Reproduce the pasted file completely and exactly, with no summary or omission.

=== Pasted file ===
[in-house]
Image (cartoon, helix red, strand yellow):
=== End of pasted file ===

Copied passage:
[in-house]
Image (cartoon, helix red, strand yellow):